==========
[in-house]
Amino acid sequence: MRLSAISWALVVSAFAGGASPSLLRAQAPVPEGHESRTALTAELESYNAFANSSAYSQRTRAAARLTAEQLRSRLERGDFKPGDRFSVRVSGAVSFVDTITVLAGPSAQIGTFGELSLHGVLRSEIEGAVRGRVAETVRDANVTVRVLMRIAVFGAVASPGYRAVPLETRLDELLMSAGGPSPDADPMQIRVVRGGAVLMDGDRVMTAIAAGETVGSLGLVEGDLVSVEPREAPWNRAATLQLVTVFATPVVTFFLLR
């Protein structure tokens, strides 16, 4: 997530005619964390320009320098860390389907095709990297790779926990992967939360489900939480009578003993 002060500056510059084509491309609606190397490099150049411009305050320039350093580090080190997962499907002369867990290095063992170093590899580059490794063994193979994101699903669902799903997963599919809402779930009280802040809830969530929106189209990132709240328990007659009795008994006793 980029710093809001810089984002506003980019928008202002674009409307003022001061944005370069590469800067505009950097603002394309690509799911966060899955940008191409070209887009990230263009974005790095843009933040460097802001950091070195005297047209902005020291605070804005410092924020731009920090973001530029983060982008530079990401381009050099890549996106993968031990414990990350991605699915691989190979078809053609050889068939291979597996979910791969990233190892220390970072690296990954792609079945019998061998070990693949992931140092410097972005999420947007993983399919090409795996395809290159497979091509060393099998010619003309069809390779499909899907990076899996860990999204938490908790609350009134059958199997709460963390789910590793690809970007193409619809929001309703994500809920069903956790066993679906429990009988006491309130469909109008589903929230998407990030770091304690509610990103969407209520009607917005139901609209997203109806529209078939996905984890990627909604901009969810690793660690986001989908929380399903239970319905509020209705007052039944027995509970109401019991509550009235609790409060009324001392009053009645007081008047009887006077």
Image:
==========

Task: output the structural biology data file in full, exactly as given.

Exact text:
[in-house]
Amino acid sequence: MRLSAISWALVVSAFAGGASPSLLRAQAPVPEGHESRTALTAELESYNAFANSSAYSQRTRAAARLTAEQLRSRLERGDFKPGDRFSVRVSGAVSFVDTITVLAGPSAQIGTFGELSLHGVLRSEIEGAVRGRVAETVRDANVTVRVLMRIAVFGAVASPGYRAVPLETRLDELLMSAGGPSPDADPMQIRVVRGGAVLMDGDRVMTAIAAGETVGSLGLVEGDLVSVEPREAPWNRAATLQLVTVFATPVVTFFLLR
């Protein structure tokens, strides 16, 4: 997530005619964390320009320098860390389907095709990297790779926990992967939360489900939480009578003993 002060500056510059084509491309609606190397490099150049411009305050320039350093580090080190997962499907002369867990290095063992170093590899580059490794063994193979994101699903669902799903997963599919809402779930009280802040809830969530929106189209990132709240328990007659009795008994006793 980029710093809001810089984002506003980019928008202002674009409307003022001061944005370069590469800067505009950097603002394309690509799911966060899955940008191409070209887009990230263009974005790095843009933040460097802001950091070195005297047209902005020291605070804005410092924020731009920090973001530029983060982008530079990401381009050099890549996106993968031990414990990350991605699915691989190979078809053609050889068939291979597996979910791969990233190892220390970072690296990954792609079945019998061998070990693949992931140092410097972005999420947007993983399919090409795996395809290159497979091509060393099998010619003309069809390779499909899907990076899996860990999204938490908790609350009134059958199997709460963390789910590793690809970007193409619809929001309703994500809920069903956790066993679906429990009988006491309130469909109008589903929230998407990030770091304690509610990103969407209520009607917005139901609209997203109806529209078939996905984890990627909604901009969810690793660690986001989908929380399903239970319905509020209705007052039944027995509970109401019991509550009235609790409060009324001392009053009645007081008047009887006077």
Image: